Ductless air conditioners are ideal for houses where building new ductwork would be cost-prohibitive. Like regular central air conditioners, ductless air conditioners are split into two main parts, an outdoor condenser and an indoor unit that handles the air circulation. If you're in the market for a ductless air conditioner, it's essential to check the BTU, or British Thermal Unit, rating, which measures cooling capacity based on square footage. On average, a single, 400- to 500 square-foot room will need between 9,000 and 10,500 BTU, so the higher the BTUs of your air conditioner, the easier it will be to cool the desired living space. In addition, look for units that have met the tough efficiency requirements of the Environmental Protection Agency, EPA, designated as Energy Star products.
One of the biggest drawbacks to buying a ductless air conditioner is the cost. These units are priced higher than conventional window units and can run up to $2,000 for 12,000 BTU models. Also, it's important to find a qualified installer who will size each unit and select the best location for the installation. Oversized units tend to short-cycle, meaning they run for shorter time periods and fail to cool efficiently, leading to increased energy output and bigger power bills.
Where to Buy
Consumer Reports tested three units, each with 12,000 BTUs per hour, strong enough to cool a living space of approximately 650 square feet. They found the Mitsubishi MSA12WA, the Sanyo KS1271 and the LG LS122CE to be three great values, cooling well and making little noise. The Mitsubishi unit can be purchased online at Amazon, and both the Sanyo and LG units can be bought directly from the manufacturer's website, as well as from Home Depot and Amazon.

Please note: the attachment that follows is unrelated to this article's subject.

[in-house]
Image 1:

At $1,000, the LG LS122CE is the least expensive of the units, with the Sanyo KS1271 priced at $1,090 and the Mitsubishi MSA12WA a little higher at $1,200. This does not include parts and labor needed for a professional installation.
The U.S. Department of Energy gives every air conditioning unit a “seasonal energy efficiency ratio,” or SEER. This is measured by calculating a unit's BTU output over a year, divided by its total energy input. The higher the SEER, the more energy efficient the unit, and if you buy an air conditioner with a SEER of 16 or more, you can qualify for a federal tax credit of 30 percent, up to $1,500, on parts and labor for professional installation. Setting up a ductless air conditioner unit requires cutting a hole in your exterior wall. You must know where your electrical wiring is located and must have expert measurements for installing tubing from the outside condenser into the indoor unit. Unless you hire a licensed contractor to do the job, you risk improper installation.